(ATR) Six months from now, the Opening Ceremony for the third edition of the Summer Youth Olympics could set a record for the world’s biggest street party.
9 de Julio Avenue and the Obelisk in Buenos Aires (Wikimedia Commons)
Breaking tradition, the athletes ages 14 to 18 will be introduced to the city in the middle of the world’s widest street - 9 de Julio Avenue, instead of an enclosed stadium. If everything goes according to plan, half a million spectators will gather at the foot of the Obelisk, the monument marking the city’s founding.
Four sports will make their first Youth Olympics appearance – dancesport, sport climbing, karate and roller sports. There will be more than 240 events in total.
The modern sports program will be held throughout four major venue clusters: the Youth Olympic Park, the Urban Park in Puerto Madero, the Green Park in the Forests of Palermo, and Technopolis Park.
Officials describe the upcoming Buenos Aires YOG as the most important event ever for the country – and it’s up against a formidable list. Previous successful events include the 1978 FIFA World Cup, the first Pan American Games in 1951, and the 12th Pan American Games in 1995.
One reason the YOG is so important is the strong emphasis on gender equality. Of the nearly 4,000 athletes, there will be an equal number of men and women, a first in Olympic history. In fact, 22 of the 32 disciplines will be mixed, or with teams composed of men and women.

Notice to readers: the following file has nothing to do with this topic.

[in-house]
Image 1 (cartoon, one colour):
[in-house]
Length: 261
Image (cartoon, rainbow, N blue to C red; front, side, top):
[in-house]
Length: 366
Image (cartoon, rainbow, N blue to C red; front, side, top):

Buenos Aires YOG ambassador Luis Scola at Athletes Village (BA 2018)
An estimated one million young Argentineans will have participated in a four-year educational program promoting Olympic values by the time the cauldron is lit this October. Demonstrating the importance education and culture will play in the YOG, organizers launched the school program “One World, Many Worlds” last month to give students the chance to learn about the other 206 National Olympic Committees around the globe.
The Youth Olympic Village will house athletes from around the globe. Its 31 buildings were renovated by an architect who was also an Olympian. Stanislaus Kocuorek ran the 110 meter hurdles at the 1952 Olympic Games in Helsinki.
The village’s apartments will go on sale immediately after the Games end on Oct. 18. Demand for the 1,050 units are so high that the Housing Institute’s registration website collapsed the day it opened.
The Youth Olympic Torch will arrive in Argentina in just a few months as it begins its quest towards the capital city. The Olympic Torch will travel more than 10,000 kilometers in its passage through 16 cities and five regions, in addition to iconic sites of the local geography beginning in August.
Before the YOG begins on Oct. 6, Buenos Aires will host its second IOC Session in five years. The 133rd Session will be held just before the Youth Olympics; the 125th Session was held in 2013.
This story is part of Around the Rings' first special edition magazine of the year, and our preview of events in South America, Asia and Europe.
Click here to read the full magazine on ATR's website.
Homepage photo: BA 2018
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